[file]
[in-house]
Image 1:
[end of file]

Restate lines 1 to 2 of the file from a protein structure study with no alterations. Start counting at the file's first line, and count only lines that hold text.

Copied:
[in-house]
Image 1: